The web Browser you are currently using is unsupported, and some features of this site may not work as intended. Please update to a modern browser such as Chrome, Firefox or Edge to experience all features Michigan.gov has to offer.
Culture of Reading Program Takes Shape; Needy Kids to Get Books and Reading Instruction
March 24, 2014
March 24, 2014
LANSING – Low-income children around Michigan will be receiving free books and reading instruction this year through the newly-developed Culture of Reading program at the Michigan Department of Education.
State Superintendent Mike Flanagan announced in December an effort to coordinate private donations to help build a culture of reading in Michigan.
“There are too many people, including children and adults, who cannot read,” Flanagan said. “We need that to change. To help build a culture of reading in Michigan, we need to get books in their hands and in their homes.
“Here is a great opportunity for people to have a meaningful impact on a child’s future, and it’s easy to do,” he added. “A donation of as little of $5.50 will get a book into the hands of a needy child.”
A coordinated, single donation collection system has been developed through the Library of Michigan Foundation to accept contributions from individuals; businesses; and groups, clubs and civic organizations for the express purpose of providing children’s books to young readers in low-income homes.
“The earlier a child is introduced to reading, the better chance they have of success in school and life,” Flanagan said. “Too many kids don’t have their own books to have and read at home when they want to. We have developed a vehicle to not only get them books, but engage their teachers and parents in the process.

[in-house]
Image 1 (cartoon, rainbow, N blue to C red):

In partnership with the Library of Michigan’s Michigan Reads! program, the Michigan Department of Education will be establishing a grant opportunity that will provide copies of this year’s Michigan Reads! book to children in low-income communities, through their classrooms and early childhood programs, based on their educators’ commitment to use the books to promote scientifically-based reading instruction and/or family engagement activities focused on literacy.
The number of classrooms and early childhood programs that will receive these free books will be dependent on available resources. That’s where the public can help, Flanagan said.
“Reading is the foundation of learning and success,” Flanagan said. “Building a reading culture in every corner of this state will build a stronger Michigan for generations, and help foster a lifetime love of reading by our children.”
Generating resources for early childhood literacy, and building a culture of reading, will help Michigan attain the goal of having all children proficient in reading by the end of the third grade, Flanagan added.